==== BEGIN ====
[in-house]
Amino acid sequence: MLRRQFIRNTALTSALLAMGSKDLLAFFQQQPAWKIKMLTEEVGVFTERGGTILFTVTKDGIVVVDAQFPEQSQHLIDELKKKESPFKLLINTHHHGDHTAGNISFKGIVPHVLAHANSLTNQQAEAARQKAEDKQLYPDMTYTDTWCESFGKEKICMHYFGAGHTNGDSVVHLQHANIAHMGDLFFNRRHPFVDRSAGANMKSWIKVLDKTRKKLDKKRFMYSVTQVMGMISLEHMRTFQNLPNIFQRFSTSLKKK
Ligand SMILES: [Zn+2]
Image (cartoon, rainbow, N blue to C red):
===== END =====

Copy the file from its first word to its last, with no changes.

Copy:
[in-house]
Amino acid sequence: MLRRQFIRNTALTSALLAMGSKDLLAFFQQQPAWKIKMLTEEVGVFTERGGTILFTVTKDGIVVVDAQFPEQSQHLIDELKKKESPFKLLINTHHHGDHTAGNISFKGIVPHVLAHANSLTNQQAEAARQKAEDKQLYPDMTYTDTWCESFGKEKICMHYFGAGHTNGDSVVHLQHANIAHMGDLFFNRRHPFVDRSAGANMKSWIKVLDKTRKKLDKKRFMYSVTQVMGMISLEHMRTFQNLPNIFQRFSTSLKKK
Ligand SMILES: [Zn+2]
Image (cartoon, rainbow, N blue to C red):